Barns of Hardin County
Originally published in the Fall 2003 issue of the Iowa Barn Foundation Magazine.
Written by Ken Starek, Ackley photographer, "barnologist", and Hardin County representative to the Iowa Barn Foundation. Ken travels the byways of Iowa seeking out remarkable barns to photograph. He spent weeks searching the hills and prairies of his own pastoral central Iowa county for barns to photograph and share with us.
The Jefferson Highway barn was named for the famous old road it sits next to south of Hubbard. There is decorative woodwork on the split haymow doors on the south side of the barn. There is a ground level walk in door on the east side. A decorative "V" shape of overlapping boards is on the gable end below the windows. The unusual windows have nine panes of glass.
The Harry Ryken barn has airplane wings painted on the south peak of the barn to celebrate Ryken's role as a pilot. The center section was built of post, beam, and pegged construction in the 1870's. Attached sheds were built at a later date. The barn is located west of Ackley and is visible from D-15 and 11645 U Avenue.
Iowa State Training School barns are important although the history is sketchy. The main barn is 110 feet long by 40 feet wide and split into two sections with an alley running the length of the barn. The 25-foot extension on the north contained vocational agriculture classroom, feed rooms, offices, and possibly a milk room. The smaller barn is 32 feet by 65 feet and has some original hardware and pen partitions. To view these barns, go to the Eldora /New Providence High School baseball diamond and look to the southwest. You can visit the barns by signing in as a guest at the training school.
Eagle City barn, a large and stunning barn, was built on a beautiful and tranquil bluff above the Iowa River and the little town of Eagle City which died out when the stage lines disbanded and the railroad bypassed it. A drive-through haymow has a row of single glass pane windows just above the large doors. Basement walls are of native limestone. Cattle stanchions and pens faced a center feeding alley. The barn, located at 28536 160th Street, is owned by Dr. and Mrs. Ken Groninga.
Mural barn across from the Eagle City barn has a mural on the haymow door illustrating canoeing on the Iowa River. It is believed the mural was painted some 30 years ago. The barn's boards are red; the bats white.
Palisades Barn was built in 1910 and got its name from limestone formations on the other side of the Iowa River, now submerged by a dam. The original farm went to the river's edge. The timber frame barn originally had Bliss K. Hall lettered on an arch above the 1910. The barn, owned by Russ and Virginia Schneider, is at 24228 Riverside Road, Iowa Falls.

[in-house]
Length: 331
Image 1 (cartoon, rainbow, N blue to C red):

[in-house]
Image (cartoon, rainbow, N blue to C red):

Richtsmeier barn has been in the same family for three generations. It is now owned by Joe and Julie Richtsmeier. It is of hollow clay tile construction. The haymow floor is hardwood. The barn was built in 1935 to replace a barn that burned after being struck by lightning. The barn is equipped with Iowa-based Clay Manufacturing windows, hardware, and ventilators. The barn is located at 27134 D-15, west of Ackley.
Jones barn is unique as there are three gables in the west roof, each with a window. Beneath each gable is a granary with chutes leading to the basement. There are horse stalls and dairy stanchions in the basement with an alley separating them. The barn is at 24767 D-15, east of Iowa Falls.
Hackbarth barns sit near the old stagecoach trail where ruts can still be seen. One barn was built in 1864 to house horses for the stagecoach stop. A pegged post and beam barn, it has uneven lengths and widths of sheeting probably from a local sawmill. The hay trolley ran on a beam rather than a steel track. The stone walls are two feet thick. When the east wall tipped out in the 1950's and the west wall tipped in later, they were removed and replaced with metal over stud framing. A newer barn is used to farrow sows. Ed and Michelle Hackbarth own the barns at 14768 155th Street.
Slayton Round barn is one of 16 barns built with hollow clay tile from Johnson Brother's Clay Works, Fort Dodge. Louden Manufacturing, Fairfield, furnished the equipment including an overhead rail for manure litter. It has a three-way switch allowing the carrier to go to the dairy stanchions, the horse stalls, or calf pens. The rail also had a switch to allow the trolley of hay to be directed left or right by a system of ropes and pulleys. The barn is a restoration project of the Hardin County Preservation Commission.
Hardin County Farm Museum barn, 203 North Washington Street, Eldora, was built in the 1930's and housed 50 Guernsey cows that required four people to milk them by hand twice a day. For a short time, the farm had its own bottling works, and milk was delivered to Eldora residents. This type of Gothic arch barn, with its open haymow, held large amounts of hay and was the last word in barn construction.